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Consider a randomized algorithm with runtime $n$, which succeeds with high probability. The algorithm uses $O(n)$ uniformly random bits.

Now it is given that we can replace these uniformly random bits by $k$-wise independent bits, where $k$ depends on $n$ (say $k = \sqrt{n}$). Can we then reduce the number of random bits to $\tilde{O}(k)$ while keeping a runtime $\tilde{O}(n)$?

Clearly we could use k-wise independent bit generators (such as a random polynomial). However, naively implementing this would cost $\tilde{O}(k)$ steps per call, potentially increasing the runtime to $\tilde{O}(n k)$.

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Yes. You can generate a random polynomial of degree $k$, then evaluate this polynomial at $n$ different points in $\tilde{O}(n)$ time using the DFT (the DFT lets you evaluate a polynomial of degree $n$ at $n$ different points in $\tilde{O}(n)$ time).

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  • $\begingroup$ Is this easy to see for $n$ arbitrary points? Anyway a formal proof seems to be given in the paper "Fast modular transforms via division" by Moenck and Borodin (SWAT '72). $\endgroup$ – smapers Sep 25 at 13:27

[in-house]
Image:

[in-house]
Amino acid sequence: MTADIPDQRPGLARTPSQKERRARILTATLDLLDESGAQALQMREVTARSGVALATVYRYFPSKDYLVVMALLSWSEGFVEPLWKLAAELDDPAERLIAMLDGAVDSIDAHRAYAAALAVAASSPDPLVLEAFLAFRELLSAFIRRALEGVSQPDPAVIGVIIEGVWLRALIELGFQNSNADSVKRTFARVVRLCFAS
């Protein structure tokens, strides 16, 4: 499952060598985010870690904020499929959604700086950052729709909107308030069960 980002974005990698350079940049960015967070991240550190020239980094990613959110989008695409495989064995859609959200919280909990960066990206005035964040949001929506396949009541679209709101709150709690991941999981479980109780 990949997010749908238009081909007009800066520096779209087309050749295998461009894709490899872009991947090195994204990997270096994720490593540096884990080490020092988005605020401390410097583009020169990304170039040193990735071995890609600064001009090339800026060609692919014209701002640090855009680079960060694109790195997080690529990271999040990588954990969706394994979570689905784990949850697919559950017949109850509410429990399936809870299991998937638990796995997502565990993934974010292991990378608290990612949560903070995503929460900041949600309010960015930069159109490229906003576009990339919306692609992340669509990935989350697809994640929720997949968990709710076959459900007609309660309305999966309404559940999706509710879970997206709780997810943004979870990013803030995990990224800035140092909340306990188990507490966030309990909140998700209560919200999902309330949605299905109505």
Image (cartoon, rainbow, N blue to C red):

• $\begingroup$ @smapers, no, it doesn't work for arbitrary points (as far as I know). But for this application you don't need to evaluate the polynomial at arbitrary points; it suffices to evaluate it at any $n$ points that are convenient. If you found a citation, I encourage you to write an answer of your own providing a reference to this result. $\endgroup$ – D.W. Sep 25 at 17:03
  • $\begingroup$ You need to evaluate the polynomial at $n$ points of the field $F_p$ for some prime $p \geq n$ (so $n$ distinct integers). Am I correct that DFT only allows to evaluate the polynomial at the $n$ roots of unity? $\endgroup$ – smapers Sep 26 at 6:58
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    $\begingroup$ @smapers, Yes. The DFT works over finite fields, too; see e.g. en.wikipedia.org/wiki/…. $\endgroup$ – D.W. Sep 26 at 15:58

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